North Carolina vote-challengers on fraud claims: Oops?

Updated
 
North Carolina vote-challengers on fraud claims: Oops?
North Carolina vote-challengers on fraud claims: Oops?

Last week the North Carolina legislature held a hearing on a new bill to require photo ID in order to vote. So many speakers turned out with prepared scripts about stories of voter fraud – prepared by a Tea Party voter-challenge group – that the local press mentioned it as part of the coverage. At least one of the speakers, the woman on the right, mentioned it as part of her testimony. She told lawmakers:

“And I have of course here another one of these things from the Voter Integrity people who have done a magnificent job in their research.”

Or maybe not. Over the weekend the group, the Voter Integrity Project, posted a note saying that it might have made mistakes in those scripts, but please make voting harder anyway. The statement in full:

Late this afternoon, we learned that some of our findings, revealed at the April 10 public Legislative hearing, may be inaccurate; so we plan to issue a full report after completing an audit. While we regret this human error and apologize for any embarrassment it may have caused to the presenters and to election officials, we caution the public against losing sight of the undeniable fact that North Carolina’s voter rolls are so corrupted that, without an effective voter ID law, it will be impossible to know who is really voting. Keeping that in mind, we look forward to constructive engagement with any stakeholders who support open and honest elections in our state.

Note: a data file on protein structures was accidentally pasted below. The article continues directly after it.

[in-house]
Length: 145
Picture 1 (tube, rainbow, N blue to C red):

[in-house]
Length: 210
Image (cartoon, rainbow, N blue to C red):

Among the anecdotes prepared by the Voter Integrity Project were stories of noncitizens who were allowed to vote. You might remember our story about the Voter Integrity Project from last year, when the group challenged thousands of voter registrations just weeks before the election. The Voter Integrity Project challenged some registrations by saying the person was dead, even though the person was alive.

We also reported (video) that the Voter Integrity Project told the public it was a nonprofit, though in fact it was registered with the state as a business. The difference matters because by law, nonprofits must disclose their tax returns, giving the public a window into what they’re up to. As a for-profit business, even with no profits, the Voter Integrity Project is asserting itself in the public sphere with no way for the public to know who is behind it or on what scale it is operating or who is responsible for the possibly inaccurate testimony given to North Carolina lawmakers last week.

As for the extent or nature of the possible findings last week, we’ve got a message in to the Voter Integrity Project. If we hear back, we’ll let you know. You can watch video of the hearings yourself, courtesy of the indispensable @NC Capitol desk from WRAL.

The testimony quoted above is at about 32:00 here. The hearing begins with this reel. If you notice anything of particular interest, please mention it in the comments with the time it occurs. And thank you.

 

 

North Carolina and Voter Integrity Project

North Carolina vote-challengers on fraud claims: Oops?

Updated